"There's a place for jeans and T-shirts, but I remember when people used to take pride in how they put themselves together when they went to work. The question is, how do we do dresses for day?" That was Robert Tagliapietra at his Brooklyn studio last week, discussing the puzzle he and his co-designer, Jeffrey Costello, had tried to solve for Spring. The answer wasn't as obvious at it might sound. Of course, women certainly do want to look like a million bucks on a daily basis, but they also want to be able to leap into a taxi or walk into a meeting without feeling silly. After all, we're not in the era of Joan Holloway.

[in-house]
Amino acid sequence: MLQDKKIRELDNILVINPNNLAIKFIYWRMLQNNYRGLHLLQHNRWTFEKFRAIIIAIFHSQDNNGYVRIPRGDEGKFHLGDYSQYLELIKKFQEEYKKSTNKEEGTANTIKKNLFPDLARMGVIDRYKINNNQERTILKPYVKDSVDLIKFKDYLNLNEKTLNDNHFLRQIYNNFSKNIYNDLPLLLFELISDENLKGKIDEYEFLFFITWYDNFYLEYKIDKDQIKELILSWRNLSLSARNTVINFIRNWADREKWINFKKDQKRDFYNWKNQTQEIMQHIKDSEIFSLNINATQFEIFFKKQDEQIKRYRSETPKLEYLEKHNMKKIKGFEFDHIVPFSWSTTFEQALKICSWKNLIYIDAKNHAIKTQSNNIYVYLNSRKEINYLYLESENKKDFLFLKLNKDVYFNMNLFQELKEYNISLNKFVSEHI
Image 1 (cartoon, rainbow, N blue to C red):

As it turned out, the duo's resolution of this fashion conundrum made for one of their best collections to date. This was by no means a departure from, but rather a quieting and refinement of what they do best. The excitement came from an array of neutral-hued dresses with a sense of anonymity, a blank-slate quality that still managed to be both interesting and quite chic. Excess and trickery were stripped away, and the focus put on details: the gentle drapes on the hips of a skirt, or a sleeve length you don't often see. There was modernity in the subtle marrying of casual and elegant, like a drop-waisted jersey dress falling off the shoulder just so. A sculpted charcoal top and slim midi skirt had a polished appearance, but could have been made out of sweatshirting; another sculpted top, with shoulders pinched up into points like little cat ears, was a small misstep. The final grouping of looks in a smudgy, painterly print looked like they were trying too hard, too—so strong was the designers' case for plain and pretty.